I was first introduced to Jef Campion, aka Army of One, in 2011 while hunting NYC streets for curbside masterpieces to document through photography. My friend and I walked down Freeman Alley and we were surrounded by a sea of beautiful street art – one of which was Jef Campion’s interpretation of Diane Arbus’ photograph of a boy holding a toy grenade. Army of One was ubiquitous in the streets of NYC. Now we were curious and enthralled.
My fellow photographer had the wonderful opportunity to meet Jef Campion and was lucky to become his friend, She invited me to quite a few openings and events where Jef was either showing or painting. His red hand print, the symbol of senseless innocent blood that is shed by children affected by war, was and will remain in my mind. It is a strong reminder and iconic symbol of what he fought so hard against. But through his volunteer efforts and the placement of his art in the streets that he spread that message.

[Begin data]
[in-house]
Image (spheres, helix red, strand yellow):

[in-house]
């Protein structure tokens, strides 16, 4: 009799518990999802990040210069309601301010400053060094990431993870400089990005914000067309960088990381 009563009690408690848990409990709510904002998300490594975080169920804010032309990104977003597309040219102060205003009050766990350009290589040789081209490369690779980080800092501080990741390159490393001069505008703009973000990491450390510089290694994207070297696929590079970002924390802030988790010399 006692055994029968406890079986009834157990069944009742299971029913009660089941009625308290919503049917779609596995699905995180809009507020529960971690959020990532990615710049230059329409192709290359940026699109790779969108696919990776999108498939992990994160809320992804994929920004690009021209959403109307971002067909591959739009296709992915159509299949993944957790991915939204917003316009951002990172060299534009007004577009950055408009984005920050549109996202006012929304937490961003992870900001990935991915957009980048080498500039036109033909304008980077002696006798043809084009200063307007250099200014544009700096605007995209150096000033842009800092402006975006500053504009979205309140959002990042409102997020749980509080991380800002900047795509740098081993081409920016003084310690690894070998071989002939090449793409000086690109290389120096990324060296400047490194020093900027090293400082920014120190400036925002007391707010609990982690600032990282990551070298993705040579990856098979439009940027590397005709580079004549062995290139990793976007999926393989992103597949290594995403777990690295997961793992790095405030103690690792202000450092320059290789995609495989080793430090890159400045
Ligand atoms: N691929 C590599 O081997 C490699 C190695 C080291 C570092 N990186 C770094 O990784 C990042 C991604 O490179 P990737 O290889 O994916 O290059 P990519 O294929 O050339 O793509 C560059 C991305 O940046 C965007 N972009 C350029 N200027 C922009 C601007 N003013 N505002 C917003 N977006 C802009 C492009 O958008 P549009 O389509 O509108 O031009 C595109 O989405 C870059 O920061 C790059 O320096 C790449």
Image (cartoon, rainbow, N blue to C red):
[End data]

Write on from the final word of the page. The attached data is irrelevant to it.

Jef could light up a room with his smile then make you feel protected, loved and appreciated with his hugs, This special person who cannot only be described as a street artist, but also as a firefighter, a 9/11 first responder who spent months in the recovery effort, a volunteer fundraiser for the Ronald McDonald House, and a rare talent. He was an extremely special person.
While Jef’s work on the streets of NYC will go through the process of environmental decay, his spirit will live on through our hearts and minds. Jef, you will be so very missed by those who knew you and your art. An “Army of One” has indeed touched millions of hearts!
Article and Photos by: Olya Turcihin